One day during the last days of my stay in Thimphu, I was walking through the market in a light drizzle after meeting with a poet, philosopher, meditator friend of mine (need I say, a lot of people you meet in Bhutan are unique?!). Suddenly, someone called to me “Sir, where are you going?” Anywhere else I might have walked on but I turned and saw a kindly older Indian gentleman standing under the cover of a shop front avoiding the rain and smiling at me. “Just walking!”, my standard response which is true most of the time, including this time: I am walking through life! “Where are you from?” and our conversation continued.
For all the random times I have met people on the street, this time I was blessed with having a conversation with a sensitive, caring, kind man, who shared some stories of his life: how his wife had passed away, how his children are grown up and married in India, how he has decided to devote the rest of his life to children and how the cold weather of Thimphu is a menace for him who has grown up in the warm climate of Kerala! I enjoyed listening to him but even more I enjoyed looking at his kind moist eyes and the sincere quivering in his voice when he talked about an orphanage he visits sometimes and how he loves the children there for whom he sometimes cooks and tells stories.
He said he loved the children in Thimphu where he is a primary school teacher, although the workload is heavy and the pay is not very good. He still enjoyed his time there and smiled and looked in the distance whenever he talked about his students, I believe imagining their inquisitive faces and open mouths as they listen to him tell them stories like this: “Once Socrates was walking down the street in broad day light with a lighted lamp. Someone asked him what are you doing? He said, ‘I am searching for real human beings!'”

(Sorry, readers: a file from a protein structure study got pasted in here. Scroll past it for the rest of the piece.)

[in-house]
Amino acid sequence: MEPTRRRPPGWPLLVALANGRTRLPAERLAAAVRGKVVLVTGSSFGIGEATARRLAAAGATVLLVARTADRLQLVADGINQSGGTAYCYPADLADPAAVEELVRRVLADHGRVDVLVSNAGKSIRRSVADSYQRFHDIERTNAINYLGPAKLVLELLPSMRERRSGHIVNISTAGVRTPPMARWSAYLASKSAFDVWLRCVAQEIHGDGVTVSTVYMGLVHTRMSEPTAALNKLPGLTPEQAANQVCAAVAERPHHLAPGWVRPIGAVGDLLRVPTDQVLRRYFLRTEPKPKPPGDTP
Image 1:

He told me he wants to write a book about his life. That would be great but would it capture his kind gentle energy? Would words express his sincerity? Would literary metaphors and images be enough to convey the tenderness in his heart? Perhaps, but it would be a difficult task!
After a short time, we shook hands and moved on. No phone numbers exchanged, no Facebook adds. This was a different kind of encounter: a moment complete in itself, a coming together of souls appreciating the pain and love and beauty that is life!